Residents challenge permission for 446 apartments in Dundrum

Fast-track permission was granted for south Dublin development in January

A local residents’ group is taking a legal challenge aimed at overturning planning approval for a development of 446 apartments in Dundrum, Co Dublin

A local residents’ group is taking a legal challenge aimed at overturning planning approval for a development of 446 apartments in Dundrum, Co Dublin

 

A local residents’ group has initiated a legal challenge aimed at overturning planning approval for a development of 446 apartments in Dundrum, Co Dublin.

Concerned Residents of Wesley Estate, Clonard Estate and Ballawley Court Estate, with an address at Sandyford, Co Dublin, are represented by John Kenny BL, instructed by F.P Logue solicitors, and will apply to the High Court on Monday for leave to bring the judicial review proceedings.

The action, against An Bord Pleanála and the State, is aimed at overturning the board’s decision of January 6th last granting permission for 446 apartments and associated works at the site of Gort Mhuire Carmelite Centre, (Marmalade Lane) Wyckham Avenue, Dundrum, Dublin 16.

The fast-track permission was granted to 1 Wyckham Land Ltd after the board designated the proposed development a strategic housing development (SHD) under the Planning and Development (Housing and Residential Tenancies) Act 2016.

A SHD does not have to proceed via the normal planning route, where permission is first sought from a local authority. Instead, the board can directly grant permission.

The grounds of challenge include claims that the “closed” pre-application consultation procedure provided for in the 2016 Act, involving the applicant developer, board and local authority, is incompatible with Article 6.4 of the Environmental Impact Assessment (EIA) Directive and/or the requirements of fair procedures and natural justice.

The procedure means public participation occurs only after the board has formed a view on issues including whether the proposed development requires an EIA report or screening documents, the residents say. Their case is that public participation must be able to influence the shape of the final development.

The issues raised concerning the disputed procedure may require a reference to the Court of Justice of the EU, they say.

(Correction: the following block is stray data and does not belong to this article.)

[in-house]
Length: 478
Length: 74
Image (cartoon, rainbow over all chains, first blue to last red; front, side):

Further claims include the planning decision is invalid because, contrary to what the board determined, the application materially contravenes the Dún Laoghaire Rathdown County Development Plan, including concerning housing density and height.

The board concluded the proposed net density of 180 housing units per hectare did not constitute a material contravention of the county development plan (CDP). The plan refers to average densities of 35-50 units per hectare for such lands and says, in certain instances, higher densities will be allowed where it is demonstrated they can contribute towards the objective of retaining the open character and residential amenities of the lands.

The CDP also refers to the number of dwellings being determined by reference to 2009 government guidelines on sustainable residential development in urban areas that state average net densities of 35-50 dwellings per hectare should generally prevail for such developments.

The board disagreed with its inspector’s recommendation to refuse permission because the inspector considered the proposed 180-unit density meant the open character of the institutional lands was not being retained.

The board held that if two of the proposed six blocks of apartments were removed from the scheme, the incorporation of those areas into the open public space provision would provide “meaningful open space”.

The residents say the board particularly erred in not addressing whether the proposed 180-unit density “contributes” towards retaining the open character of the lands. The board had no power to render a particular development complaint by removing elements of it, they claim.

Further claims are that the inclusion of a large section of a bike parking area near one of the apartment blocks as “public open space” contravenes the CDP, that a proposed narrow jogging route does not meet the minimum quality threshold for calculating public open space and the board failed to adequately consider the potential impact of the proposed development on bats, a protected species.